My dear wife and myself have given as much time as we could in instructing the children in the day-school. We have already seen encouraging results. Considerably more than half are able to read and write; some very well indeed. The girls always look very tidy in school. Each one has either an apron or pinafore, which they put on when entering, and take off and replace in the cupboard before leaving. Each girl has also a handkerchief for the neck. But we hope to see them still neater when the ship comes. A kind friend has sent out a number of dresses, which she says are expressly for our school children. We also hope to get some jackets and trousers for the boys, so that they may be able to keep company with the girls. Having discovered in the spring that very few of the younger children were able to read their own language, we decided upon giving one day a week for that purpose. In the summer I employ an Indian teacher, but for about two hours each day my dear wife and self take an English class.

The singing is a very encouraging feature, as the children are so fond of it. Accordingly I have very little trouble in teaching them a new tune. They are also able to learn anthems, which at first I thought rather doubtful. They have learnt all the tunes, and almost all the words in the service of song, entitled Jessica's First Prayer. This we hope to give at our annual concert at Christmas.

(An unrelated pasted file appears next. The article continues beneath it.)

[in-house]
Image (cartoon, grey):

One boy, whose paper otherwise was not one of the best, gave what I consider a beautiful answer to No. V. (6): Explain "The law was our schoolmaster." Ans.: "The duty of the law is to commit us to the care of faith." E. NOEL HODGES.


I. Where was Galatia? State what you know of its population in the time of St. Paul. What evidence have we to determine the date of this Epistle? II. Give an accurate summary of the contents of the Epistle, and account for the vehemence of its style.

III. Explain as clearly as you can the allegory of Hagar and Sarah.

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[We have not space for all the Answers kindly sent by Mr. Hodges, but subjoin a few.]

Answer to Question II. by N. Viranagacharyalu :

1. He proves that his apostolic commission was independent of the twelve. 2. That it was commissioned by Jesus.

3. He states his history after the conversion.

4. Justification by faith and not by law.

5. The allegory of Hagar and Sarah.

6. His conclusion.

7. In the first two chapters he vindicates his apostleship and proves to be false all the charges brought against him by the Jews.

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Answer to Question II. by B. T. Narasimha Charnhi :-
The Epistle may be divided into three parts:

1stly, The Apostle, after expressing his wonder that the Galatians had become so soon unsettled on the most important doctrines of the Gospel, vindi